European data protection officials have written to Google warning that the search giant may be in breach of E.U. privacy because of the way it retains data on individual searches.
The E.U.'s Article 29 working party, made up of data protection officials from 27 European countries, asked Google to justify why it needed to retain the data for up to two years, and whether the company had "fulfilled all the necessary requirements" on data protection.
Google has not yet replied to the letter, but the company's global privacy counsel Peter Fleischer defended its privacy protection measures.
"Google recently announced a new policy to anonymize our server logs after 18-24 months," he said. "We're the only leading search company to have taken this step publicly. We believe it's an important part of our commitment to respect user privacy while balancing a number of important factors, such as maintaining security and preventing fraud and abuse."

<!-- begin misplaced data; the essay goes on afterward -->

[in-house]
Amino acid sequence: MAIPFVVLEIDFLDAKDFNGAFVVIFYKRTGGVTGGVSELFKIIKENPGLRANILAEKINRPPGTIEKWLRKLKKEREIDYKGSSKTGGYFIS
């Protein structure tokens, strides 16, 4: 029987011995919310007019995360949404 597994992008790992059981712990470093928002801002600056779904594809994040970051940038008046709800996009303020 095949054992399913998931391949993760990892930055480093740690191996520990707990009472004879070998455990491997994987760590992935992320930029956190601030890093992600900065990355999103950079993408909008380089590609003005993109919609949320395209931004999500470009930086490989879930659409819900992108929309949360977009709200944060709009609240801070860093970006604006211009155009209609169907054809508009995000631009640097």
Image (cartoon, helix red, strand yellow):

He added: "We are committed to engaging in a constructive dialogue with privacy stakeholders, including the Article 29 working party, on how to improve privacy practices for the benefit of Google users and for everyone on the internet."
Speaking at a data protection conference in Amsterdam this week, European data protection supervisor Peter Hustinx, who chairs the Article 29 working group, took a conciliatory tone towards the Google. "I see a company which has very powerful tools, thinking about integrating privacy solutions - that's the big picture," he said.
Google's efforts to respect people's privacy were not "just window dressing" he said. "But we will hold them to what they are saying."